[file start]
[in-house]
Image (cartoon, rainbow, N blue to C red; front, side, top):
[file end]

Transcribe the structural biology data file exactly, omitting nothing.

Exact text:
[in-house]
Image (cartoon, rainbow, N blue to C red; front, side, top):